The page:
TOffeeAM , launched from Imperial College’s Techcelerate program , recently secured £1 million in seed funding. The funding was primarily led by IQ Capital, together with Entrepreneur First , the Royal Academy of Engineering and the Techcelerate program.
TOffeeAM’s Design-for-Additive-Manufacture (DfAM) solution , which optimizes industrial product designs and structures using AM to improve performance, is of particular use to the aerospace and automotive industries. Last year, the London-based company had already secured business with GE Aviation , and clients such as Baker Hughes and a Formula 1 motor racing team. With the newly-won funding, the company will now look to further commercialize the technology, and expand its existing capabilities, recruitment, and customer base .
The company had been founded by Dr. Marco Pietropaoli (COO) in 2019, with support from the Techcelerate program for the software solution developed together with Dr. Montomoli (CEO) and Dr. Gaymann (CTO) at the Department of Aeronautics at Imperial. Their software, TOffee, uses artificial intelligence and state-of-the-art mathematical models to design and improve complex, intricate, mechanical components for heat or fluid transfer for use in the aerospace, automotive, and energy industries.
Its smart industrial production software delivers a ‘robust optimization’ that are less affected by errors in design data or manufacture due to the solution’s improved Uncertainty Quantification. The validated software code which can be licensed, allows for an intricacy and complexity of design not possible using standard design processes, and allows for part consolidation with increased component resilience, resulting in components 40% more efficient, produced 20 times faster than those of competitors.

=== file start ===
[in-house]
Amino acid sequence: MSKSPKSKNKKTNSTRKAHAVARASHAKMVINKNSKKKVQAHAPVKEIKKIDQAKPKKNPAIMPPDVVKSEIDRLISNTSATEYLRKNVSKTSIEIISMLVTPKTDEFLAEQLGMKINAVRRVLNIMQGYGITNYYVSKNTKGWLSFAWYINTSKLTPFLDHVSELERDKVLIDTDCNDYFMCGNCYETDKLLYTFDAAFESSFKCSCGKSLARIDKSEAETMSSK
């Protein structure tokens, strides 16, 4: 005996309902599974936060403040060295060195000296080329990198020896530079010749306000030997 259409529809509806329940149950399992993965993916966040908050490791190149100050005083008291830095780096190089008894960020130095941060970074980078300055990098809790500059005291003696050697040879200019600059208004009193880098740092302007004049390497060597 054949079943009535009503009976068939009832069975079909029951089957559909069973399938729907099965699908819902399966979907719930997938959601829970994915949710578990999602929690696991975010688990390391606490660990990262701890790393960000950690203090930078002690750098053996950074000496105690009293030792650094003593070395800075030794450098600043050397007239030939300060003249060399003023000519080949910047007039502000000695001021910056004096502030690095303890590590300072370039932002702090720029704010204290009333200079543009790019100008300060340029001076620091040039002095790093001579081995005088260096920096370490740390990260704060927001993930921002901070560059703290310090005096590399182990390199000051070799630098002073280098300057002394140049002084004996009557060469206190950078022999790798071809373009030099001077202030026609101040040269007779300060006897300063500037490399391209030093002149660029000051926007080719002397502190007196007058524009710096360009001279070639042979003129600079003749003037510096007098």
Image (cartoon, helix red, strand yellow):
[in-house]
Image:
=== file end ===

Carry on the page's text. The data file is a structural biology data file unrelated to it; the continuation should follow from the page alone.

Heat exchangers are key components in improving the efficiency and performance of aircraft or car engines, and gas turbines, and in other heating/cooling regulatory systems across industries. Conventional manufacturing techniques have been limited in their ability to further improve heat exchanger design or performance, and are more costly, time-consuming, and inefficient for prototyping or manufacturing compared to AM.
3D printing enables far more complex and intricate designs to improve heat exchanger capabilities, efficiency, and performance . It also enables simplification (and miniaturization) of parts and production, while reducing weight and increasing compactness to provide far greater performance and quality than conventional heat exchangers. Today, 3D Printing is the only technology capable of manufacturing next-generation of heat exchanger designs , and the latest 3D printed thermal engineering solutions from companies such as Conflux Technology , and GE Research are truly reinventing heat or fluid exchanger technology. The solution has won several awards, including the Royal Academy of Engineering Enterprise Fellowship, Techcelerate prize, the Amazon AWS Programmable 2018, and the Amelia Earhart Fellowship. You can watch their pitch at the Entreprenuer First Europe 12 Demo below.
Video courtesy of Entrepreuer First
From inception to launch to this recent seed funding round for €1.1 million, TOffeeAM received support not only from Techcelerate, but also from the Imperial Venture Mentoring Service (part of the Enterprise Team), the Royal Academy of Engineering (provided £60,000 in funding), and Entrepreneur First (provided £80,000 in funding).